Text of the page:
A report on the Ministry of Justice’s (MoJ’s) ambitious plans to reform the courts and tribunals system says that the budget savings will be less than predicted and that the cash saved from court closures is heavily dependent on selling high-value sites such as those in London.
The National Audit Office (NAO, an independent parliamentary body that monitors government expenditure) published Transforming courts and tribunals – a progress update
(HC 2638) on 13 September 2019. The MoJ is now around halfway through the reform timetable, which it has extended twice. Commencing in 2016, the reforms were originally scheduled to be completed by 2020 but, as the NAO notes, this was extended to 2022 even before the programme formally began, and has now been put back further to December 2023.
A total budget of £1.2bn was earmarked for the reforms, which include the digitisation of services and the consolidation of the courts and tribunals estate into fewer buildings. So far, £540m has been spent and the NAO notes that the MoJ has ‘met some significant milestones’ in its timetable (para 1.8, page 15). These include opening new centres in Stoke and Birmingham, as part of its plan to greater centralise services, and rolling out digital document assembly programs to replace paper forms. According to the NAO, by January this year, around 94,000 people had used online services for divorce, probate, civil claims and social security appeals.
The NAO says that the reforms will realise £172m less in overall savings than originally projected. A total of £244m is expected in savings annually from 2024/25. The NAO also appears to hint that the next phase of the reforms will be more difficult, as the department will have to increase the ‘pace and volume of project delivery’ (para 1.21, page 24). This includes cutting the number of full-time equivalent (FTE) staff working in the service by 1,175 (HM Courts and Tribunals Service (HMCTS) currently employs around 16,000 FTE staff).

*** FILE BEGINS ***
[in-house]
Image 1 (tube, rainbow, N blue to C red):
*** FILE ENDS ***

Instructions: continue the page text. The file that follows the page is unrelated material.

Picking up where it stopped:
Perhaps the most controversial issue around the reforms has been the sell-off of court and tribunal buildings.1In ‘Selling off our silver’ (September 2019 Legal Action 10), former judge Nic Madge reported on a decade of court closures.
At the start of the reforms,2The report points out: ‘This includes six sites closed before 2015. HMCTS also manages more than 30 other sites including non-devolved tribunals in Scotland, administrative sites such as offices, and land purchased with the intention of developing it’ (page 25, footnote 11).
HMCTS operated from 468 sites in England and Wales. To date, this has been reduced by 114 sites3Para 2.13 (page 32) of the report states: ‘Of the 114 sites disposed of since the start of reform, HMCTS sold 27 (24%), transferred 33 (29%) to other government bodies and exited the lease of the remaining 54 (47%).’
realising proceeds from sales of £124m, slightly down on the target of £128m. The location and value of the sites plays a part in the MoJ’s decision-making process, says the NAO. It is ‘more likely to sell high-value sites, such as those in London’ to meet its target (para 2.13, page 32).
A change in approach in the consultation process over court closures is discussed in the report, but the NAO argues that HMCTS’s ‘new approach to estimating the impact of closures on access to justice does not address wider concerns raised by stakeholders’ (para 3.8, page 36). It also notes that while the service has said it will take into account the difficulties that vulnerable groups might have in accessing courts and tribunals,4See Response to ‘Fit for the future: transforming the court and tribunal estate’ consultation, MoJ, 10 May 2019.
if their local building is identified for closure, ‘it is currently not clear how it plans to do this’.